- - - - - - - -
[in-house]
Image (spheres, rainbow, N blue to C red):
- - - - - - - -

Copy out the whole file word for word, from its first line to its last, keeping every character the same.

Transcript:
[in-house]
Image (spheres, rainbow, N blue to C red):